Transitions in focus for the Iceland POET team

Kristin Norðdahl and Hrönn Pálmadóttir are both lecturers of the School of Education at the University Iceland and are currently researching the continuity of children’s education from various angles, focusing on the transition between home and school, pre-school and school. They are also part of the Icelandic POET team.

 

 

Kristin Norðdahl and Hrönn Pálmadóttir are part of the Icelandic POET team.

- In the Icelandic team we are studying children’s learning and play, and if there is a continuity in their learning as well as in the curriculum. The Icelandic project consists of many different smaller studies integrated into one big project, explains Kristin Norðdahl.

POET stands for Pedagogies of Educational Transitions and is based around the sharing of expertise across and beyond country projects on educational transitions. POET builds on and extends existing research collaborations and, in opening this up to a wide range of early stage and experienced researchers across Europe, Australia and New Zealand, contributes to the European Research Area aim of making Europe more attractive to researchers.

Five universities are involved in POET: Mälardalen University in Sweden, the University of Strathclyde in Scotland, the University of Iceland, Charles Sturt University in Australia and the University of Waikato in New Zealand. The programme was instigated by Aline Wendy Dunlop of the University of Strathclyde, and Anders Garpelin of Mälardalen University is the leader of the programme. The leader of the Icelandic team is professor Jóhanna Einarsdóttir.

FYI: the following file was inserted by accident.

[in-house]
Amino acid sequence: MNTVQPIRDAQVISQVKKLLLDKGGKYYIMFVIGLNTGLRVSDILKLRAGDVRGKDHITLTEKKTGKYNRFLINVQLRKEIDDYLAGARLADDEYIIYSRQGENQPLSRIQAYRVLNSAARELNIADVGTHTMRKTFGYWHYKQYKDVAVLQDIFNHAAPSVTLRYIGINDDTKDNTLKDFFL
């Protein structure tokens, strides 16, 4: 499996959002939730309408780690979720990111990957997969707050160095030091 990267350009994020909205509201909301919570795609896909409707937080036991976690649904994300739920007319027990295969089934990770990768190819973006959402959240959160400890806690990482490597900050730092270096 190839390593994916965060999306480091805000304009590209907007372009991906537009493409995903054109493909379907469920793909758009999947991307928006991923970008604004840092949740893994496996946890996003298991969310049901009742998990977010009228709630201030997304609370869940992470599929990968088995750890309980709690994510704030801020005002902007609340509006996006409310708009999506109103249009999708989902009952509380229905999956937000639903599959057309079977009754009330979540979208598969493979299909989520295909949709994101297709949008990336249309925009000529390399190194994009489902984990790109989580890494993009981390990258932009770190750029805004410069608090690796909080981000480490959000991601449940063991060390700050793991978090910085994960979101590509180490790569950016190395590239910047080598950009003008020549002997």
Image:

- We are currently exploring the educational systems in the different countries and are finding that the ideas are similar and that we face the same problems and challenges in our different countries, says Hrönn Pálmadóttir.

- It is very interesting to meet, make connections and learn from other researchers. We discuss the findings and also the role of the researcher in the field and the ethical issues that can arise in the studies, explains Hrönn Pálmadóttir.

In Iceland children start school at the age of six and often in the last year of pre-school there is a preparing program where the teacher’s cooperate between school levels and the children can visit the school they will be attending. In the new official guidelines for pre-and compulsory schools in Iceland increased emphasis is on transitions with focus on collaboration between the teachers of both school levels to improve the educational transitions.

- In our project we are trying to create continuity, to get the teachers to work more closely together and get more acquainted with their respective fields of expertise and the pedagogies of different stages, concludes Kristin Norðdahl.